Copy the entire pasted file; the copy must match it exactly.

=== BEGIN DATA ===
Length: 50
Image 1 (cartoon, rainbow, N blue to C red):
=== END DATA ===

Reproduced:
Length: 50
Image 1 (cartoon, rainbow, N blue to C red):